Nonnenmacher attached Walsh's counsel's February 2 e-mail to her April 14 letter. The email states, "While our office does not oppose your request for an extension of time to file a Reply Brief, our office cannot unilaterally grant you additional time to file the brief. You will need to file a motion for an extension of time with the Court of Appeal." --------

In sum, while we are truly sympathetic to the plight of those litigants who are forced by their economic circumstances to appear in proper persona in our court, we are required to apply the Rules of Court fairly to all parties in the case and ensure that justice is done without unwarranted delay. As the record above indicates, Nonnenmacher did not timely obtain a reporter's transcript of the trial that was necessary in order to permit this court to review her claims. Accordingly, we conclude that Nonnenmacher has failed to present an adequate record to permit review of her claims, and that we must therefore affirm the judgment.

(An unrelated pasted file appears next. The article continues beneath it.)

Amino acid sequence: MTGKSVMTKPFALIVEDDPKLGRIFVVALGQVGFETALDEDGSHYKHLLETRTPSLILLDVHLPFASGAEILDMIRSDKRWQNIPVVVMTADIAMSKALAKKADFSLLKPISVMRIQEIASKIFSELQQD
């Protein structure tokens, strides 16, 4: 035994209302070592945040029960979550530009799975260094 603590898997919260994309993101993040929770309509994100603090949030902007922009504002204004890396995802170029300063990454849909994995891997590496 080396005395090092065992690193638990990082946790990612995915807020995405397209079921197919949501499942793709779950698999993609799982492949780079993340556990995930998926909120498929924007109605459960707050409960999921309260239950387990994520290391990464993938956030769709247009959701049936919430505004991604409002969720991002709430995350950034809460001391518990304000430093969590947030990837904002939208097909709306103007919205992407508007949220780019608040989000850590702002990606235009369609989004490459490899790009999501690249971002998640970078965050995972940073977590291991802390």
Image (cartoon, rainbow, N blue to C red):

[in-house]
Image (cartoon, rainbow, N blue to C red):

IV.

DISPOSITION

The judgment is affirmed. Nonnenmacher is to bear costs on appeal.

AARON, J. WE CONCUR: McCONNELL, P. J. HALLER, J.


Summaries of

Nonnenmacher v. Walsh

COURT OF APPEAL, FOURTH APPELLATE DISTRICT DIVISION ONE STATE OF CALIFORNIA
Aug 9, 2017
D069532 (Cal. Ct. App. Aug. 9, 2017)
Case details for

Nonnenmacher v. Walsh

Case Details

Full title:LYNNE NONNENMACHER, Plaintiff and Appellant, v. DENISE WALSH, Defendant…

Court:COURT OF APPEAL, FOURTH APPELLATE DISTRICT DIVISION ONE STATE OF CALIFORNIA

Date published: Aug 9, 2017

Citations

D069532 (Cal. Ct. App. Aug. 9, 2017)